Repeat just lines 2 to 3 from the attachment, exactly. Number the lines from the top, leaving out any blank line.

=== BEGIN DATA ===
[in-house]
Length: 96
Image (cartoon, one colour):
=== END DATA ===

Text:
Length: 96
Image (cartoon, one colour):